Reasons for the U.S. growth period in the nineties: non-keynesian effects, asset wealth and productivity

Anton Burger

Publication: Working/Discussion PaperWU Working Paper

Abstract

This paper investigates several possible reasons for the exceptional period of growth in the nineties in the US.. These years can be characterised as a case of an expansionary fiscal consolidation as strong growth and structural surpluses were observed. Five different channels, the literature suggests for relationships between government spending and consumption are investigated. There are hints that the economy did not work in a Keynesian way but there is no proof of the existence of a Non-Keynesian effect. Expectational effects could not be separated empirically from asset wealth. Whereas standard consumption estimations failed, a model adding a factor containing asset wealth and expectations was finally able to explain consumption from 1996 onwards. This has important implications for policy. Moreover, compositional effects were found to be important. The two main findings of the paper, namely an asset wealth/expectations effect and compositional effects support the interpretation of a positive link between public savings, asset values and growth. (author's abstract)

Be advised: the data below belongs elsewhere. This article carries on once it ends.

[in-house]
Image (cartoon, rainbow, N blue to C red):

Original languageEnglish
Place of PublicationVienna
PublisherInst. für Volkswirtschaftstheorie und -politik, WU Vienna University of Economics and Business
Publication statusPublished - 2006

Publication series

NameDepartment of Economics Working Paper Series
No.95

WU Working Paper Series

  • Department of Economics Working Paper Series

Cite this